Programming Microsoft SQL Server 2005 : Deployment (part 2) - Testing Your Stored Procedures

1/29/2011 6:39:58 PM

Deploying Your Stored Procedures

In the SQL Server project version of the sample code, deployment of all the stored procedures is handled by Visual Studio when the assembly itself is deployed. This is due to the application of the SqlProcedure attribute to the functions in class StoredProcedures (found in file spTest.cs). The SqlProcedure attribute accepts an optional Name parameter, the value of which is the actual callable stored procedure name. If you do not supply a value for the Name parameter, the name of the .NET function is used as the stored procedure name.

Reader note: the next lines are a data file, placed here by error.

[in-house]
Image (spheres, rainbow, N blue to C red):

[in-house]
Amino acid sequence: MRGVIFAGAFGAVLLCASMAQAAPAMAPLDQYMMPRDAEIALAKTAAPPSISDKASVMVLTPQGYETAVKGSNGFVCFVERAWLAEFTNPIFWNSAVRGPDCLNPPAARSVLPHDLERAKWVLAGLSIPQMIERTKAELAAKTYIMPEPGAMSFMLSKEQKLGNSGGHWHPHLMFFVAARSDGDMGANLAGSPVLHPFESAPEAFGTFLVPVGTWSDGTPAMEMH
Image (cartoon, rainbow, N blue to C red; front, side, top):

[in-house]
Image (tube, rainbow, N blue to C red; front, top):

The SqlProcedure attribute is used only by Visual Studio in SQL Server projects. Therefore, it has been removed from the source code in the Class Library project. Deploying the stored procedures from that version of the source code requires issuing a CREATE PROCEDURE T-SQL command using the new EXTERNAL NAME clause to specify the assembly, fully qualified class name specifier, and function name. For example, to load the Class Library version of spContacts, you would issue the following command.

AS EXTERNAL NAME Chapter03.StoredProcedures.spContacts

The preceding command specifies that function spContacts, in class StoredProcedures, in the loaded assembly with T-SQL name Chapter03, should be registered as a CLR stored procedure callable under the name spContacts.


All necessary CREATE PROCEDURE commands for the Class Library project version of the sample code are contained in the CreateObjects.sql script in the Management Studio project supplied with the sample code. You will need to run that script in order to execute the various SQL CLR entities implemented in the Class Library project.